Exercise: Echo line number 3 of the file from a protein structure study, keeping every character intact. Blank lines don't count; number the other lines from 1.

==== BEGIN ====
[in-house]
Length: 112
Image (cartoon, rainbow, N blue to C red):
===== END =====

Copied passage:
Image (cartoon, rainbow, N blue to C red):